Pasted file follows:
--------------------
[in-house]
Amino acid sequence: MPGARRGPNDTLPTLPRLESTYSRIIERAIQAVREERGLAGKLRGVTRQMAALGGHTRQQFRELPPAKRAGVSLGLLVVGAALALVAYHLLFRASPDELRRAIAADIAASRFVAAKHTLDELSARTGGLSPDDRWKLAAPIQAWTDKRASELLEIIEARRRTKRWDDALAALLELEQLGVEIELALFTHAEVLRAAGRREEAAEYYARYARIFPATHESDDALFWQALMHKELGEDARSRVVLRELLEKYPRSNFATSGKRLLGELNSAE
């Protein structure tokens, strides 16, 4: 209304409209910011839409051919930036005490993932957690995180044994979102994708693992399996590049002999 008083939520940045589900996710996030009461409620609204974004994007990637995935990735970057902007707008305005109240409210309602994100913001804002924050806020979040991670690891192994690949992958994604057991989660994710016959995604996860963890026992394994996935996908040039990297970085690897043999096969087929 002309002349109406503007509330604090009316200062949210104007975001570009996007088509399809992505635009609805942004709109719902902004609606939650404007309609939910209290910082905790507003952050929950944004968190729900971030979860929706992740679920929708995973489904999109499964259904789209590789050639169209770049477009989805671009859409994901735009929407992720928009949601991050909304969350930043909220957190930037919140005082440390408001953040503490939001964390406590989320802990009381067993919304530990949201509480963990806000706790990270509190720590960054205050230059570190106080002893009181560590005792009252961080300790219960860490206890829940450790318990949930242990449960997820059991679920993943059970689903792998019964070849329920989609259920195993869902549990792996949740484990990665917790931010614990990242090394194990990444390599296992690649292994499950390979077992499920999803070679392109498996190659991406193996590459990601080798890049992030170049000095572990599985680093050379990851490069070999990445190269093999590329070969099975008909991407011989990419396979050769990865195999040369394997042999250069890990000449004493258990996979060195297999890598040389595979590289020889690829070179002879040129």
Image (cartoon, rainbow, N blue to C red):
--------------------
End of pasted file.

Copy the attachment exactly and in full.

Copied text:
[in-house]
Amino acid sequence: MPGARRGPNDTLPTLPRLESTYSRIIERAIQAVREERGLAGKLRGVTRQMAALGGHTRQQFRELPPAKRAGVSLGLLVVGAALALVAYHLLFRASPDELRRAIAADIAASRFVAAKHTLDELSARTGGLSPDDRWKLAAPIQAWTDKRASELLEIIEARRRTKRWDDALAALLELEQLGVEIELALFTHAEVLRAAGRREEAAEYYARYARIFPATHESDDALFWQALMHKELGEDARSRVVLRELLEKYPRSNFATSGKRLLGELNSAE
């Protein structure tokens, strides 16, 4: 209304409209910011839409051919930036005490993932957690995180044994979102994708693992399996590049002999 008083939520940045589900996710996030009461409620609204974004994007990637995935990735970057902007707008305005109240409210309602994100913001804002924050806020979040991670690891192994690949992958994604057991989660994710016959995604996860963890026992394994996935996908040039990297970085690897043999096969087929 002309002349109406503007509330604090009316200062949210104007975001570009996007088509399809992505635009609805942004709109719902902004609606939650404007309609939910209290910082905790507003952050929950944004968190729900971030979860929706992740679920929708995973489904999109499964259904789209590789050639169209770049477009989805671009859409994901735009929407992720928009949601991050909304969350930043909220957190930037919140005082440390408001953040503490939001964390406590989320802990009381067993919304530990949201509480963990806000706790990270509190720590960054205050230059570190106080002893009181560590005792009252961080300790219960860490206890829940450790318990949930242990449960997820059991679920993943059970689903792998019964070849329920989609259920195993869902549990792996949740484990990665917790931010614990990242090394194990990444390599296992690649292994499950390979077992499920999803070679392109498996190659991406193996590459990601080798890049992030170049000095572990599985680093050379990851490069070999990445190269093999590329070969099975008909991407011989990419396979050769990865195999040369394997042999250069890990000449004493258990996979060195297999890598040389595979590289020889690829070179002879040129």
Image (cartoon, rainbow, N blue to C red):